Friday, August 9, 2013
The Years of Rice and Salt by Kim Stanley Robinson
Gripping at first, but fails to sustain interest
In his 2002 novel The Years of Rice and Salt, award-winning science fiction author Kim Stanley Robinson presents an alternate world history in which 99% of Europeans are killed by the Black Death, leaving Asian civilizations, primarily the Muslims and Chinese, to become the dominant forces in world history. Despite being marketed as a sci-fi novel, the book will appeal mostly to history buffs and those interested in Eastern cultures.
The structure of the book resembles that of a typical James Michener historical novel. Because the chronological scope spans centuries, it is divided into ten parts, each being a separate slice of history presenting a whole new cast of characters. Whereas in a Michener novel the heroes of one section would be the descendants of the characters in the preceding chapter, in Robinson’s book the thread that connects the characters of one story to another is not heredity but reincarnation. In between each historical stage we are given brief glimpses into the bardo, a spirit world where souls await judgment between incarnations. Unfortunately, at times this reincarnation story overpowers the historical narrative. Also, when reading a 750-page novel, oftentimes the only thing that keeps a reader going through such a sustained effort is a deep involvement with the book’s characters. Here, however, it soon becomes clear that every 75 to 100 pages the characters you’ve come to know will meet their demise, rendering such intimate engagement with them impossible.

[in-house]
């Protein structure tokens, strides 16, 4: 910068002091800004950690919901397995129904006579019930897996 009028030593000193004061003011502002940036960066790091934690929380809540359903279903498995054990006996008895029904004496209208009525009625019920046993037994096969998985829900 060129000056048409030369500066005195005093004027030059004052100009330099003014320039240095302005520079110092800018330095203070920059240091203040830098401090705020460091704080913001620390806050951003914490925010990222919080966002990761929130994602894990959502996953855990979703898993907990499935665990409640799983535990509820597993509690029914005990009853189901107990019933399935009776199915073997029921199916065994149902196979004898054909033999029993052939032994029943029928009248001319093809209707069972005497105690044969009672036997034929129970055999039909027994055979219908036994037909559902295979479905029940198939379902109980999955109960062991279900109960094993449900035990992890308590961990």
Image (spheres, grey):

Nevertheless, the novel is quite gripping for about the first 500 pages. Although this alternate history is by no means a conventional science fiction novel, it does fit into the sci-fi category for the very fact that many of its main characters are scientists, and it therefore deals extensively with the history of science. The most fascinating part of the book involves an Arab alchemist and a Tibetan mathematician who, in a world without Galileo and Newton, set out to uncover the primary laws of physics. Other sections of the book follow the lives, studies, and works of an anatomist, a nuclear physicist, and a budding archaeologist. Another excellent chapter features a former Samurai who wanders the New World, uniting the indigenous population and encouraging them to rise up against their Old World oppressors. Philosophers and historians also feature heavily in the book, with mixed results. While Robinson’s knowledge of Eastern religions and philosophy is admirable, the book regrettably features far too many long and tedious dialogues on interpretations of the Quran, Islamic law, or historiographic theory. Such talky digressions really kill the forward momentum of the historical narrative. The final third of the book leaves the reader just wanting to get it all over with. The penultimate chapter, entitled “Nsara” is the longest and dullest in the book, ambling along aimlessly before coasting to an unsatisfying resolution. Though the final chapter is not quite as boring, the book still manages to end not with a bang but with a whimper.
There is a monumentality to The Years of Rice and Salt that one can’t help but admire. Robinson’s detailed research and sweeping vision are worthy of praise. Such erudition and imagination, however, don’t necessarily make for an enjoyable read. Ultimately, the Asia-centric world that Robinson creates is not different enough from the world in which we live to sustain the reader’s fascination. Science fiction fans won’t be sufficiently marveled by its innovations, and history buffs will be left feeling they would have been better off devoting their time to reading yet another novel about the history of the real world.
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